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Time series radiomics for the prediction of prostate cancer progression in patients on active surveillance

Sushentsev, N; Rundo, L; Abrego, L; Li, Z; Nazarenko, T; Warren, AY; Gnanapragasam, VJ; ... Blyuss, O; + view all (2023) Time series radiomics for the prediction of prostate cancer progression in patients on active surveillance. European Radiology 10.1007/s00330-023-09438-x. (In press). Green open access

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Abstract

Abstract: Serial MRI is an essential assessment tool in prostate cancer (PCa) patients enrolled on active surveillance (AS). However, it has only moderate sensitivity for predicting histopathological tumour progression at follow-up, which is in part due to the subjective nature of its clinical reporting and variation among centres and readers. In this study, we used a long short-term memory (LSTM) recurrent neural network (RNN) to develop a time series radiomics (TSR) predictive model that analysed longitudinal changes in tumour-derived radiomic features across 297 scans from 76 AS patients, 28 with histopathological PCa progression and 48 with stable disease. Using leave-one-out cross-validation (LOOCV), we found that an LSTM-based model combining TSR and serial PSA density (AUC 0.86 [95% CI: 0.78–0.94]) significantly outperformed a model combining conventional delta-radiomics and delta-PSA density (0.75 [0.64–0.87]; p = 0.048) and achieved comparable performance to expert-performed serial MRI analysis using the Prostate Cancer Radiologic Estimation of Change in Sequential Evaluation (PRECISE) scoring system (0.84 [0.76–0.93]; p = 0.710). The proposed TSR framework, therefore, offers a feasible quantitative tool for standardising serial MRI assessment in PCa AS. It also presents a novel methodological approach to serial image analysis that can be used to support clinical decision-making in multiple scenarios, from continuous disease monitoring to treatment response evaluation. Key Points: •LSTM RNN can be used to predict the outcome of PCa AS using time series changes in tumour-derived radiomic features and PSA density. •Using all available TSR features and serial PSA density yields a significantly better predictive performance compared to using just two time points within the delta-radiomics framework. •The concept of TSR can be applied to other clinical scenarios involving serial imaging, setting out a new field in AI-driven radiology research.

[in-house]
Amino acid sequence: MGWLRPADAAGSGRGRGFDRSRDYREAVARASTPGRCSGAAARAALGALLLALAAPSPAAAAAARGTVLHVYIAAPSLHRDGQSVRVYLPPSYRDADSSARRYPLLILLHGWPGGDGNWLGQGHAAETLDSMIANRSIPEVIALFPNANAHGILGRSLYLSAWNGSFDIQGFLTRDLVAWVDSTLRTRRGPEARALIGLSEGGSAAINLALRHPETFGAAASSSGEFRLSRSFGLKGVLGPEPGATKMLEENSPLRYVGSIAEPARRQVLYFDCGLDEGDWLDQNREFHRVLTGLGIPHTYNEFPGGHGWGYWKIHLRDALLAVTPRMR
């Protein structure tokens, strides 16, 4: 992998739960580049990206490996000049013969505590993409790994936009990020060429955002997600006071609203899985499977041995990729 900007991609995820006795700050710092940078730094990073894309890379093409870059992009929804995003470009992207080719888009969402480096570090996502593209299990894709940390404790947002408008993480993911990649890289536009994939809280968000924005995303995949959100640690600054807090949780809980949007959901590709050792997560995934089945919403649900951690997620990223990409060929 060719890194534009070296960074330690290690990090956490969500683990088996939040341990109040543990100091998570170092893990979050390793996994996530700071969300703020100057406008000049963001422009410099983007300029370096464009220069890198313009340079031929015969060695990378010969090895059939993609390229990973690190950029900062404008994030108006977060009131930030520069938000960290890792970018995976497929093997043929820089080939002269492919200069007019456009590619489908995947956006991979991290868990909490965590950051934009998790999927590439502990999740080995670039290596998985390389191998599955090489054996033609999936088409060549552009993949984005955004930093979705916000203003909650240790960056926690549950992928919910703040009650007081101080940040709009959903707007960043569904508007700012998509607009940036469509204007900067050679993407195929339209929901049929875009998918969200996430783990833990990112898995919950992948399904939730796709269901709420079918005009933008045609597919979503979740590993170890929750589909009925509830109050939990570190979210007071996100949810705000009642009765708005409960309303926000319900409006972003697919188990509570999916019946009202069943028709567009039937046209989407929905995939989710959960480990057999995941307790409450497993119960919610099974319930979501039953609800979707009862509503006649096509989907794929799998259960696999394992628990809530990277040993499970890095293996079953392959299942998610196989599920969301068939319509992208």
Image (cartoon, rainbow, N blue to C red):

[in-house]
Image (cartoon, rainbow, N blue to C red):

Type: Article
Title: Time series radiomics for the prediction of prostate cancer progression in patients on active surveillance
Location: Germany
Open access status: An open access version is available from UCL Discovery
DOI: 10.1007/s00330-023-09438-x
Publisher version: https://doi.org/10.1007/s00330-023-09438-x
Language: English
Additional information: Open Access This article is licensed under a Creative Commons Attribution 4.0 International License, which permits use, sharing, adaptation, distribution and reproduction in any medium or format, as long as you give appropriate credit to the original author(s) and the source, provide a link to the Creative Commons licence, and indicate if changes were made. The images or other third party material in this article are included in the article's Creative Commons licence, unless indicated otherwise in a credit line to the material. If material is not included in the article's Creative Commons licence and your intended use is not permitted by statutory regulation or exceeds the permitted use, you will need to obtain permission directly from the copyright holder. To view a copy of this licence, visit http://creativecommons.org/licenses/by/4.0/.
Keywords: Artificial intelligence, Magnetic resonance imaging, Prostatic neoplasms
UCL classification: UCL
UCL > Provost and Vice Provost Offices > School of Life and Medical Sciences
UCL > Provost and Vice Provost Offices > School of Life and Medical Sciences > Faculty of Population Health Sciences > UCL EGA Institute for Womens Health
UCL > Provost and Vice Provost Offices > School of Life and Medical Sciences > Faculty of Population Health Sciences > UCL EGA Institute for Womens Health > Womens Cancer
URI: https://discovery.ucl.ac.uk/id/eprint/10165092
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